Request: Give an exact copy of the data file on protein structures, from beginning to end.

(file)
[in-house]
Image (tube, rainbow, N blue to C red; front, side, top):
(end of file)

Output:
[in-house]
Image (tube, rainbow, N blue to C red; front, side, top):